1. “Republican Congress: (Shrugs; votes to keep funding Soylent Green supplier with citizens’ money.)”

      Democrats in Congress: Complain bitterly that children are going hungry every night because mean spirited and racist Republican’s won’t vote to increase funding for Soylent Green.

    2. Minarchist/Conservative/Utilitarian Libertarian: I’m going to have to see some people forcibly executed and turned into food against their will before we rework New York’s entire agro-industrial system over the word of a crooked cop.

      Consequentialist/Objectivist/AnCap Libertarian: At the point where you’re grinding people into food, shouting “Stop grinding people into food!” is not the solution to any of your real problems.

      Civil Libertarian: As long as Americans are only allowed to eat locally sourced soylent green while the rest of the world is free to consume soylent green as they please, and bigots aren’t allowed to refuse eating soylent green that’s made of gay people, I don’t see a problem.

      1. Alright that was pretty fucking funny.

  8. I do not think the idea of a dad joke counts as a “meme.” That is stretching the definition a bit.

  9. Get yer hands out of my wallet, you damned, dirty apes!

  10. Obama (wielding pen and phone): So let it be written…so let it be done.

    Charlton Heston: You know I never actually said that, ri–

    Diego: Fuck you. Dead-ass motherfucker.

    1. Wasn’t that Yul Brenner?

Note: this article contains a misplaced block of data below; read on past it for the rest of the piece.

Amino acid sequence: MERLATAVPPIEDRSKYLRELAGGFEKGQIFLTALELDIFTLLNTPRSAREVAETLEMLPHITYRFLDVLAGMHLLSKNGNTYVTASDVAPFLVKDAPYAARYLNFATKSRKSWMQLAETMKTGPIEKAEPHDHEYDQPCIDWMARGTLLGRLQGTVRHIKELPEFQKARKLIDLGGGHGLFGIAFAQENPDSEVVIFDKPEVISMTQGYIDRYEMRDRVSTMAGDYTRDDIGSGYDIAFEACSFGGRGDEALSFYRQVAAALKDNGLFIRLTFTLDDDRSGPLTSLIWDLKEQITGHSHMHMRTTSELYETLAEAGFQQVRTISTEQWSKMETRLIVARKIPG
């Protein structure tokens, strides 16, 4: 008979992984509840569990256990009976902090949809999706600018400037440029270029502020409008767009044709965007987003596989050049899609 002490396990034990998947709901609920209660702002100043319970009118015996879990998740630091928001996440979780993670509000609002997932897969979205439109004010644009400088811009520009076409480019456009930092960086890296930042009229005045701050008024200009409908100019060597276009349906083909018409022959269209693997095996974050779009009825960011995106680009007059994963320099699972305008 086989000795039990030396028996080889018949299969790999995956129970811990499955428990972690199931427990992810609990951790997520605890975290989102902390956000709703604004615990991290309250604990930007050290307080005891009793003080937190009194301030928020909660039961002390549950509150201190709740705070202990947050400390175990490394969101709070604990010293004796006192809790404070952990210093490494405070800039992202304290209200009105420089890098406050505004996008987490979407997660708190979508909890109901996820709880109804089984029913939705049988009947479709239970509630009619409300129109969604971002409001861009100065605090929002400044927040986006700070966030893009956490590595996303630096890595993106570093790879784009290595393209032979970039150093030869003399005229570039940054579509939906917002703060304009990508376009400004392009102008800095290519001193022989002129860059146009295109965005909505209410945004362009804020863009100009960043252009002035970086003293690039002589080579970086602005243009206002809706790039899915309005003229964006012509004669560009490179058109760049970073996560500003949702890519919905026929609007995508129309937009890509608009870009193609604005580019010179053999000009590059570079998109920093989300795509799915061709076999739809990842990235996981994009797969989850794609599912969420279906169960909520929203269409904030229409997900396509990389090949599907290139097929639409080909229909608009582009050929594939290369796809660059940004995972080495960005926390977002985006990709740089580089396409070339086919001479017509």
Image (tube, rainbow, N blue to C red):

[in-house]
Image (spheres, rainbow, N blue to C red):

11. Reason’s coverage has gotten worse since Trump’s election. They used to provide an intelligent counter point to both sides of the larger media outlets. That level of good articles has dropped off. Dalmia and Suderman’s articles are often very bad. Suderman’s arguments aren’t even Libertarian to any significant degree and Dalmia’s articles read generally just a repetitive rephrasing of the Open Borders doctrine.

    I still enjoy a lot of what else is written, so I’m conflicted about whether to donate or not.

    1. While Reason has engaged in some prog salad tossing since Trump took office, they have not gone full batshit crazy like some of the more “respected” outlets. C’mon, if they didn’t at least do some kissing-up to the TDS crowd, Matt et al would not get invited to anymore hip cocktail parties, and how sad would that be? I donated, as I have for the past few years.

      1. That article about Star Trek and Trump was batshit crazy.